Tangana

There are very few things that could get me to step out of the brightly lit miniature America known as the Peace Corps regional house onto the dark sketchy streets of Kaolack at night, but freshly fried eggs and potatoes is one of them. Let me paint for you a picture of how I went about acquiring my dinner last night.

Stepping out of the front door of the regional house feels a bit like stepping onto another planet. Headlights wink through a haze of dust hanging in the air, silhouetted figures loom suddenly out of the darkness, illuminated by a moto bike whizzing by in a blaze of sound and light, and strange languages echo from shadowed doorways. You clutch your little plastic bowl a bit tighter and click on the small flashlight on the end of your nokia cell phone even as you question your decision to bring it along. Careful to illuminate your every step, you slowly pick your way through the animal poop and trash strewn about the dirt road, moving through the landscape like a pale ghost. Besides a few half-hearted calls of "toubab" from some sleepy talibe children you might as well not even exist.

Out on the road the dust is even thicker and the bright lights of cars impair rather than enhance your vision as they trundle along. As you shuffle through the sand you keep your eyes fixed on the other side of the road, straining to pick out the glow of neon lights behind the nondescript red curtain that to anyone else screams "brothel," but to you indicates a hot tasty meal. You pass a familiar broken down old truck and your heart sinks when you realize that comforting red square of light is absent from the derelict old building across the street. It looks as if no one is home.

But wait! What was that? There are small lights moving behind the curtain in the doorway and you can just barely catch a whiff of grease over the smell of trash and raw sewage. Perhaps someone is there after all? Only one way to find out. You time the rhythm of the passing taxis...one...two...three...then make a dash for safety. Keeping your eyes fixed on those moving lights you wind your way past sleeping dogs and discarded flip flops until you reach "the bridge." Nothing more than a 3 meter concrete slab, it is old and crumbly and the only thing between you and the small swift river of water and human feces that flows from the broken pipe up the street. You cross your fingers, hustle across and stand before that tattered old curtain, the gateway to masticational delight and intestinal distress. You take a deep breath, pull back the curtain and step through the doorway. "Asalaam Malekum"

Tangana is the wolof word for "hot," and its an appropriate name for these type of eating establishments. Three propane burners on full blast ensure that this little three meter square room maintains an average temperature of 100 degrees and the food is guaranteed to scorch your mouth. The man behind the table smiles as you step inside, and the beads of sweat pouring down his face spring up on your forehead as well. As you sit down on the rickety 2x4 supported by cinder blocks that passes for a bench you take in the scene. The space is small, literally no more than a hole in the wall. There are two large curtains blocking off the back left corner of the room, possibly concealing the prostitute the red light outside seems to offer. All of the space that is left is taken up by three propane gas tanks and a low table piled high with flats of eggs and sliver bowls of potatoes, onions, spaghetti, bread and mystery meat. Three 20-something young men sit hunched around the table over plates of fried eggs and meat piled on top of a bed of spaghetti. The normally bright blue florescent light is dark and instead a single tallow candle is burning on a jerry can and everyone is illuminating their meal with their cell phone flashlights. "No electricity" the men say with a shrug.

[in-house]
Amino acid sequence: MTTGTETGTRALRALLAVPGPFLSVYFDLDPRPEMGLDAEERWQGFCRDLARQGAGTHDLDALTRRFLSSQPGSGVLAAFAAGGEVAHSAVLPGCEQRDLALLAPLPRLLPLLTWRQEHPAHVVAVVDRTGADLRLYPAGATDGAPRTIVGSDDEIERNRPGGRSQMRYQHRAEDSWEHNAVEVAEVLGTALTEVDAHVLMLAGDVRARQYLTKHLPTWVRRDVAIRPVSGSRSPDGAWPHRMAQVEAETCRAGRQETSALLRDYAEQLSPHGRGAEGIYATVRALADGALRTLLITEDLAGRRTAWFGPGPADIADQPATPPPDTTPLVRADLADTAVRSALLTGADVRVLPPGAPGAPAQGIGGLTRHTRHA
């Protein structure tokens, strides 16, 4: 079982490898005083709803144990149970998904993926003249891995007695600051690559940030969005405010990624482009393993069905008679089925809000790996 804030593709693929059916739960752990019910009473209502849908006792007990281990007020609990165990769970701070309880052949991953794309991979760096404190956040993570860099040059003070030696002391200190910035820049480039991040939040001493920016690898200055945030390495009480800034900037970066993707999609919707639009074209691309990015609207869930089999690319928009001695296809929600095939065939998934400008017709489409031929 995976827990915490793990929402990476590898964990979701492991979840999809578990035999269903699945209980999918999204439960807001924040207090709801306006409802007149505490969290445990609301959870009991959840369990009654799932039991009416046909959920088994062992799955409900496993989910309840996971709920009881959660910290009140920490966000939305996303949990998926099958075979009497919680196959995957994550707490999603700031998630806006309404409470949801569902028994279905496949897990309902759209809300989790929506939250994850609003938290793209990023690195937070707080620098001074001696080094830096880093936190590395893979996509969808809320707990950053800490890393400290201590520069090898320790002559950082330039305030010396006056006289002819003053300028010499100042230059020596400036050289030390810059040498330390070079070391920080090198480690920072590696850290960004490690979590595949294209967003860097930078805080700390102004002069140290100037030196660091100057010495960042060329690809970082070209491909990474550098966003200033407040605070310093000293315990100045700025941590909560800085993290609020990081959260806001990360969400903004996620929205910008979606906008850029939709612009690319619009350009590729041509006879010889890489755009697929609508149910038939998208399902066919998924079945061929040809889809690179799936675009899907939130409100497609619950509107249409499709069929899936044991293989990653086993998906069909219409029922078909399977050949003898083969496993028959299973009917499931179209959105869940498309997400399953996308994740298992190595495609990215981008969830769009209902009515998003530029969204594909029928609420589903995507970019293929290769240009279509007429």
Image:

The menu is a la carte, so in your most basic Wolof you ask for eggs and potatoes and gingerly push your little plastic bowl towards the chef. The pan crackles to life as he pours nearly a quarter of a liter of oil and then cracks in two eggs. The man dips his hands into a bowl of water, and after months in Senegal it is a comforting sign of some attempt at sanitation, before grabbing a couple of potatoes from the bowl and slicing them up in his palm. The whole mixture takes less than two minutes to cook and before you know it your dinner is steaming in front of you. You toss a couple of coins across the table and receive a scrap of newspaper to wrap up your bowl in an attempt to keep out the ever-present dust.

Stepping out of the door into the relative coolness of the night is like a breath of fresh air, but as the smell of sewage assaults your nose you decide to save your deep breath for later. The heat and weight of the bowl is comforting as you retrace your steps with a renewed sense of urgency. The thought of the meal to come has your mouth watering and your small intestines cowering in fear. A quick stop for a fanta and you're home free. Stepping back into the light of the house you re-enter the closest thing to America you will see for the next two years. You've survived your journey into the seedy Kaolack night. The next question is will your body survive the new assault of amoebas and microbes you're about to introduce into it?


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